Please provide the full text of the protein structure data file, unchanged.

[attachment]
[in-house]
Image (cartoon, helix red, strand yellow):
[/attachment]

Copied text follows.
[in-house]
Image (cartoon, helix red, strand yellow):